What if We Put the Cell Phone Away Awhile?
We’re all used to seeing people gathered. That’s nothing unusual. People gather for a variety of reasons and occasions. But, it’s become a rare sight to see people gather and engage with one another without distraction. Long gone are the days when people gather solely to spend time with each other. It’s as if there is no value found in having in-person, one-to-one, uninterrupted conversations anymore.
There was a time when things were very different.
I grew up during a time when telephone usage was not so much a right as it was a privilege. Those were the days when we actually checked first, to see if our parents were on the phone or if they intended to use the phone soon. We got permission to use the phone. Yes, permission! There was a time. If by chance you were grounded for any reason, chances were, the telephone would be included in your loss of privileges.
Maybe you recall what the telephone looked like back then. Can you believe we actually had to insert our finger into a small circle to dial one number at a time? The only way to rush the process was to dial faster. Then you patiently waited for the phone to ring and hoped to not get a busy signal. As time went on, those phones were fancier. They included more options. There were more colors, shapes, styles, including a trim or princess style, wall mount options, and even push button options.
What is a cell phone?
I had never heard of a cell phone. Oh wait! I do recall seeing one in a movie once or twice. It was some rich guy driving a convertible sports car. There was this box between the two-seater. It rang! He opened the box, answered the phone receiver and began to talk to the caller. Sounds pretty fancy huh? Maybe once upon a time it was. Not anymore though.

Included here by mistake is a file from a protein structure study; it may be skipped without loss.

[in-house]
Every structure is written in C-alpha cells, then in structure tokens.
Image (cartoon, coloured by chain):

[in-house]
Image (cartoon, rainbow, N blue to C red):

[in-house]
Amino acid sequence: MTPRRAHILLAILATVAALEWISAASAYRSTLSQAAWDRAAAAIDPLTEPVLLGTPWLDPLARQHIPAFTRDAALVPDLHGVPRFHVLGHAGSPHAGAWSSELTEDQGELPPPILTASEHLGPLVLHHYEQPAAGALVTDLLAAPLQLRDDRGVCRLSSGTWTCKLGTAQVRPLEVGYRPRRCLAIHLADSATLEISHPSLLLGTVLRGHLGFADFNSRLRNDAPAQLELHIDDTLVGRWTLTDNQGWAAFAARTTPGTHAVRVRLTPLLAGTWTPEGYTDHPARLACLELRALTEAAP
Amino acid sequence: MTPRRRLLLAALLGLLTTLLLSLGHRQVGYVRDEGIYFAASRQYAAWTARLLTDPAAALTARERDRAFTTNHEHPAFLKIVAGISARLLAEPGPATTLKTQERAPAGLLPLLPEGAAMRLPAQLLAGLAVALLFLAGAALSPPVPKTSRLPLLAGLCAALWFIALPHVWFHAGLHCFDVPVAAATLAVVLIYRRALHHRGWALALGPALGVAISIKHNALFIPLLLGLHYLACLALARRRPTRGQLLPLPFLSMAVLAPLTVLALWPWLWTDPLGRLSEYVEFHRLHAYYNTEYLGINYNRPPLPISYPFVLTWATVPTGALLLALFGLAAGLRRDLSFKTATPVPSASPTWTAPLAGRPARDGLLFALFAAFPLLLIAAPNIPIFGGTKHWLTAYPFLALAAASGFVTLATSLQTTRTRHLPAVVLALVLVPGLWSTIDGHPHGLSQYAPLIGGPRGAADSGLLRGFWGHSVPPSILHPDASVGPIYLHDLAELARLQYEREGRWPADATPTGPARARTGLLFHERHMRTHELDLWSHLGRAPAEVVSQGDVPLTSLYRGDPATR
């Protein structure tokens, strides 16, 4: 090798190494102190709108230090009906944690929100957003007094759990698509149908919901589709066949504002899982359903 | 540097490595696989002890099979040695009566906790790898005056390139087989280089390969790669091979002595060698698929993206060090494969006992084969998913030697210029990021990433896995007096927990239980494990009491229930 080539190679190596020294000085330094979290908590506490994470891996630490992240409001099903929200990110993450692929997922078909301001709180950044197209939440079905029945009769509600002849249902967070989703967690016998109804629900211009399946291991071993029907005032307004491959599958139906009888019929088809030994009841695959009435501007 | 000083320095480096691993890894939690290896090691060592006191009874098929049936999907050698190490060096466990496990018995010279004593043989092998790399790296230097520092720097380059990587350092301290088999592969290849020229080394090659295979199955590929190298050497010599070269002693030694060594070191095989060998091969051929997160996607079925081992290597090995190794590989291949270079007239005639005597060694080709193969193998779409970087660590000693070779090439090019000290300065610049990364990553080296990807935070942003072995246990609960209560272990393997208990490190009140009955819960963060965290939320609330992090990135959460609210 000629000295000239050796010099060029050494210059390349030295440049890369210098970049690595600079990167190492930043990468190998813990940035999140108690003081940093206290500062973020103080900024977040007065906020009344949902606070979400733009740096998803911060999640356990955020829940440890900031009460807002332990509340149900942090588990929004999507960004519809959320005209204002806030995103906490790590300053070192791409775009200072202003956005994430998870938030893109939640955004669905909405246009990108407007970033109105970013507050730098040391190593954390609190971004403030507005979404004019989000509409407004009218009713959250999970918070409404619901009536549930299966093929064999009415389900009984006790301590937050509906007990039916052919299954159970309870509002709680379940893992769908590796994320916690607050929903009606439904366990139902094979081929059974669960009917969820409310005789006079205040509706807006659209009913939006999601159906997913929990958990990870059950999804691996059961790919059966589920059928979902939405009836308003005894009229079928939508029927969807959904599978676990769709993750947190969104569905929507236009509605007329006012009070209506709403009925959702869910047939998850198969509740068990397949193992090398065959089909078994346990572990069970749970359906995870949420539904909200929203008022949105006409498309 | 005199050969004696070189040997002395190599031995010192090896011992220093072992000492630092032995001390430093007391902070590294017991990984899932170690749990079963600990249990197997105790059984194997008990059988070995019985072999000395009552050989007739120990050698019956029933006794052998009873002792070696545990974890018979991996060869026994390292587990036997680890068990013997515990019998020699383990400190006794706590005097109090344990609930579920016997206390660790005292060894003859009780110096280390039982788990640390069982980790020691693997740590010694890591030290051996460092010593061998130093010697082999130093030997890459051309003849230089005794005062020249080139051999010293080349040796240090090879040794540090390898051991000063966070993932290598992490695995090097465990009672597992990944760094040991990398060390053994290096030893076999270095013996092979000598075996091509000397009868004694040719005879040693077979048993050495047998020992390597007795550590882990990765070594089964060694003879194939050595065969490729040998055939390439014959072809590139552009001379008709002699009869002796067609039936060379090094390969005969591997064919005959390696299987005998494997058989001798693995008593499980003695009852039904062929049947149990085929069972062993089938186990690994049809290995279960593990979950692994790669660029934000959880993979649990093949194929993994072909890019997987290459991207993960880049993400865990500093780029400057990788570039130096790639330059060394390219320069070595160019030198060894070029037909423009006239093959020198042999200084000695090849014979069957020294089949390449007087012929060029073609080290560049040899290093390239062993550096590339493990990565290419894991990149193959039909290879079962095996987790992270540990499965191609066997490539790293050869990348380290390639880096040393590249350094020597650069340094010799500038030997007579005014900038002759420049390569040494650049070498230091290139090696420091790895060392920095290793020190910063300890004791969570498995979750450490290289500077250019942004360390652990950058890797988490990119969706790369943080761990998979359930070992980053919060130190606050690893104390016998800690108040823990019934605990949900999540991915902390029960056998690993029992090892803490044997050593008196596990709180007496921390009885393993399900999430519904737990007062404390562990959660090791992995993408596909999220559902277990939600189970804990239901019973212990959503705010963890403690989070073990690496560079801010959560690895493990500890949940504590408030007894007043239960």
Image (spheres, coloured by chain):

History shows that kind of technology took a long time to become what exists today. Mobile phones were actually first developed as far back as the 1940s. But, it wasn’t until the mid 1980s that they became widely available. In fact, the first mobile telephones were barely portable compared to the compact hand-held devices in existence today.
There’s no denying that cell phones today have us positioned to never feel like we’re really alone. We don’t have to give up anything really. We can play games, listen to music, watch a movie, shop online, text instead of talk to someone and of course, keep up with social network sites.
You don’t have to talk to people anymore. Don’t feel obligated to be friendly.
Practically everyone is hooked on something. You don’t have to talk to anyone if you don’t want to. Well, that is a choice.
This was one woman’s recent experience. She shared it to make a point.
“I was eating lunch outside while listening to MJ's new album when an elderly woman asked if she could sit. I muted my headphones, smiled & said of course. I listened to MJ for awhile longer before feeling like I was being rude. So I put my phone in my purse, a minute later she asked if I was from the area & we started talking. ______ (name removed here) has 2 Master's degrees, theater & special education. She went to Catholic U for grad which is 5 minutes from my house. We talked for about 20 minutes, I was sad to leave her but, she has my card. I'm glad I put my phone away.”
Are we sacrificing opportunities for priceless moments and memories?
There’s no denying technology has come a long way with enhancing our options for communication. Technology has advanced to the point of literally being able to save lives. The immeasurable conveniences are not likely to be debated.
But, has society become so spoiled by such modern conveniences? Is there a tradeoff? Have we lost sight of some things which none of us can put a price tag on? People are to the point that they can’t even manage a short conversation without at least looking at a cell phone to decide whether that caller is more important than the person they’re already talking to.
Some people could become defensive just reading this. Everybody has an explanation for why they can’t ignore a ringing phone. Not ever? Some people offer explanations such as, “I have to see if it’s my child calling”. But sometimes, children are already in the presence of their parents. Others might say, “I’m expecting a call that I don’t want to miss”, etc. There’s always an excuse for not ignoring a ringing telephone. But, sometimes the phone isn’t ringing. There’s just some other reason to be fiddling with the phone.